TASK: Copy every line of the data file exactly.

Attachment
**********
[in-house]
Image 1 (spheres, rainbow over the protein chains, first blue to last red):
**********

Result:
[in-house]
Image 1 (spheres, rainbow over the protein chains, first blue to last red):